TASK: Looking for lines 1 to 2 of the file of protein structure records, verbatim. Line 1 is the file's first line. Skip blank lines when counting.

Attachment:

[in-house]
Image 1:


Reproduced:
[in-house]
Image 1: